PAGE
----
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Re: How to motivate a child
dogperson #2482695 11/20/15 10:01 AM
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Originally Posted by dogperson
When I speak to adults who gave up piano and did not return, many will state they wished they had stuck with it... but when you discuss it further, not really.. and they do nothing about it as an adult. It is just a 'wish', as in 'I wish I could fly over the moon', rather than a real, lost opportunity.



I wish every parent and teacher read this. :-)

A lot of people confuse the real motivation to be good at something with a pretty general wish that things could be better in some way. The majority of the people in this world probably wish they are more capable in some way than they actually are: I wish I speak a foreign language, I wish I'm more athletic, I wish I can play music, etc. But this doesn't mean that they want to work for these. In other words, these are not their goals, these really are just a general sentiment that things could always be better.

For the OP, I agree with a lot of the suggestions about letting the kid decide what fits his goals. Not every opportunity is a real opportunity, only those that help you shape your life in the way that you want are real opportunities. If you insist on musical activities, you can tell your son that he needs to stay with one musical activity, but he can choose which activity.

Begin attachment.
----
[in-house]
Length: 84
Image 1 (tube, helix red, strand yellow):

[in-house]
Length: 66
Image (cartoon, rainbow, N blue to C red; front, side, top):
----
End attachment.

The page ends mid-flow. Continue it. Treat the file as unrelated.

Re: How to motivate a child
Beans47 #2482719 11/20/15 11:31 AM
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I'm not a child development expert or anything, but just from experience with teen piano students (and having been one myself) -- there's a significant difference between young teens and older teens. For the most part, 13-14 year olds are starting to dream about their future lives, develop their own identities and goals, and sometimes form intense obsessions, but they don't yet understand how to work in small steps towards the goals and dreams they have developed. 16-17 year olds are different. They really have a strong emotional and practical investment in activities outside the home, they understand the connection between short-term work habits and long-term results, and they care much more about their work and play among external peers and outside adults than they do about the opinion of their parents. If they have chosen piano as something they love that is part of them, they will take the reins and work hard, or at least work hard on the elements of it that they feel are most important to them. If they don't really want to do it, there's no pushing them.
Many people have shared stories and opinions that are, in my experience, more typical of older teens than of young teens.


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Re: How to motivate a child
hreichgott #2482780 11/20/15 03:32 PM
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Originally Posted by hreichgott
I'm not a child development expert or anything, but just from experience with teen piano students (and having been one myself) -- there's a significant difference between young teens and older teens. For the most part, 13-14 year olds are starting to dream about their future lives, develop their own identities and goals, and sometimes form intense obsessions, but they don't yet understand how to work in small steps towards the goals and dreams they have developed. 16-17 year olds are different.